Over recent years there has been a greater push for students to study STEM subjects at school.  This has been in response to identified skills shortages in key sectors.  Yet, if we’re not inspiring students to begin related careers, is this increased focus on STEM really going to achieve the required outcomes?

In addition, there is a funding crisis brewing in our schooling system. This has a knock on effect. In it’s simplicity, given the limited money available and the focus on STEM subjects, we are seeing a decrease in Arts and Humanities. Our headteachers have tough decisions to make. Sometimes it comes down to how many teachers they can afford and which subjects to prioritise.

Does this mean that STEM is more important than Arts and Humanities?

Personally, I believe Arts and Humanities are invaluable. They encourage an alternative way of thinking and support creativity. It’s this variety of thought processes that allows individuals to have a broad perspective and to problem solve effectively. In fact, with the technological advances replacing basic tasks, being able to flex your thinking style is a valuable commodity. It’s simply not something that a computer can easily replicate (AI is another story).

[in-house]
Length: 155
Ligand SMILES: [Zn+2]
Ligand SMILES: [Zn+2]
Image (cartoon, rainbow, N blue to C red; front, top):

Do students really need to study STEM at school?

I think it’s important to have STEM subjects as part of our curriculum. It’s amazing how much we implement these in our lives without thinking. Consider calulating the speed of a car and the probabilty of getting hit before crossing a road (mathematics & statistics). Think about playing a game of pool, which ball you’ll hit next and your approach to this (physics). I’d like to see more focus on the practical applications of these subjects and discussions about how they relate to a variety of careers and everyday life. I also believe that learning can take place out of school or by connecting projects across subjects. An art and computer science project just sounds exciting to me. Imagine being able to write a computer programme that creates pieces of art. Yet we seem to teach subjects in isolation. The world outside school doesn’t operate in silos, so why does our approach to education?

I don’t think we should focus overly on any subject in school education and definitely not to the detriment of another.